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Libya - Higher Education

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Public & Private: Libya has three major universities that grant bachelor's degrees: Gar Yunis University, Al-Fetah University, and Marsa Berga Technical University. In 1992, Libyan universities enrolled 72,899 students, of whom 46 percent were female. Females were concentrated in the humanities and males in science, engineering, and business faculties. Government encouragement has led to increased participation of females in the sciences, especially in medicine. Social attitudes concerning the properness of females and males working together either in school, or later in the workplace, inhibit more rapid advancement of women into nontraditional professions. By 1992, some 72,899 students were enrolled in Libya's universities.


Admissions Procedures: Students who earn a secondary school diploma are eligible to enter Libyan universities. Extremely rapid expansion of educational opportunities has led to a decline in the preparation of students and very high grade repetition rates in Libyan universities. In 1976, an estimated 79 percent of engineering students had to repeat their first year at university. Comparable rates in the arts were 74 percent.


Administration: Universities are administered by "People's Committees," consisting of six faculty members, four students, two members of the instructional staff, and one woman. The chancellor of the university is the chair of this committee. The Secretariat of Higher Education exercises oversight and is responsible for the quality of graduates from schools at all levels throughout the Libyan educational system. The language of instruction in universities is Arabic.


Tuition: Because of Libya's tremendous oil wealth, education is free. The Libyan government spends between 9,000 and 13,000 LD per year on each university student, but in return they can more rapidly achieve their goal of placing Libyans in all essential jobs.


Foreign Students: Roughly 16 percent of Libyan university students are non-Libyans from other African and Arab nations. Many foreign students are on scholarships offered to them by Libya as a means of spreading its influence, as well as sharing its wealth.


Libraries: The National Archives are located in Tripoli and are the official repository of historical documents for Libya. This unit consists of 5 libraries containing 55,000 books and documents. In addition, the Government Library is also located in Tripoli and has 35,000 books. There is an Agricultural Research Center Library in Tripoli with 6,000 books and 220 periodicals. The National Library of Libya is located in Benghazi, as is the Public Library of Libya, which contains 11,000 books. Qurinna Library and the University of Gar Younis Library are both located in Behghazi. The Gar Younis Library has 294,844 books; 2,360 periodicals; 70,000 documents; and 10,000 microfilms and rare books.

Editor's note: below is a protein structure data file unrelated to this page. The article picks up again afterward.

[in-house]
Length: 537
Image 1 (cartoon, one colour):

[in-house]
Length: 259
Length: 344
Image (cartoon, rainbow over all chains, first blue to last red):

Beyond this, there are libraries on the campuses of Al-Fateh University, Al-Arab University, Bright Star University of Technology, Sebha University, the African Centre for Applied Research and Training in Social Development, the Arts and Crafts School, the Faculty of Engineering, the Higher Institute of Electronics, the Higher Institute of Technology, the National Institute of Administration, and the Post and Telecommunications Institute Library, all of which help to disseminate knowledge and encourage lifelong learning in Libya.

In 1975 Libya published 129 books, but by 1994 this number had dropped to 26. Hardest hit were books in the Social Sciences, which fell from 28 in 1975 to 2 in 1994, and the Pure Sciences where 21 books were published in 1975, but only 2 in 1994. In 1996, Libya had 4 daily newspapers with a daily circulation of 71,000 papers; this means that 16 out of every 1,000 Libyans are reading a daily paper. Many Libyans get their information through radios, of which there were over 1.3 million in 1997, and televisions, of which Libyans had 730,000 in that same year. They share information by talking, as indicated by the fact that there were 380,000 telephones in Libya or 6.8 telephones per 100 inhabitants in 1996 (UNESCO).


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about 5 years ago

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about 7 years ago

I am 53 male international student from Sri Lanka. Can I increase my education level . please advice,
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